Instead, we’re now stuck with utterly boring cars (self-driving cars?! *gasp* THE HORROR!), cookie cutter houses, a tiny digital thumbprint on an iPod, mass-produced compressed sawdust faux-wood furniture, and Snapchat, LOL/OMG/GTG, email (only if you’re committed enough) and digital playlists.
This is not to say that convenience, and more specifically the technology that creates it, are bad things. It’s not intended to be a blog that simply rails against convenience in a “You damn kids get off my lawn, I walked 10 miles to school uphill both ways!” kind of manner. Convenience and technology can be and very definitely are good in many ways. But what we do with the extra time that is freed up is crucial, and really is the heart of the matter.
I urge you, I beg you, I implore you, down on my knees pretty pretty please – do something better with your newly-freed up time that convenience allows you. Do things the inconvenient way. Don’t take the easy way. Don’t avoid learning how to do/make/build/create something simply because it can’t be done in less than an hour’s time.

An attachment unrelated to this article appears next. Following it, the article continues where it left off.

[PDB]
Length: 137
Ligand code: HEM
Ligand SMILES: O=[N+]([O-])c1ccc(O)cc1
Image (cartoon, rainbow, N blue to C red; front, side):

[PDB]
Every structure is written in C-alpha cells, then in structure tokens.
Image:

If you truly want to make America a great country again, it’s going to need to be done the inconvenient way: Take the time to learn a new skill, read a new book (a real book that you got from the library!), make a new meal from scratch, or shop in a local retail store. Roast your own coffee. Write and mail someone a letter. Can your own salsa or spaghetti sauce. Learn how to change your own oil, rotate your own tires, fix that squeaky step and leaky pipe, and build a new bookshelf to hold the books and records and knick knacks you start finding while taking the long way home. Buy fruits and veggies from a local farm stand or market. Get your bread from the baker and your meat from the butcher – if your town even still has either one of those.
Take a back road.
1 – Nelson’s Ghost Town at El Dorado Canyon Mine, Nevada
2 – Relaxing before the campfire in the desert near Goldfield, Nevada
3 – The Main Drag in Bloomfield, Kentucky
4 – A late 50’s Buick sedan seen at the Sewickley PA Car Cruise
5 – The bottom stretch of Montgomery Rd in Franklin Park, PA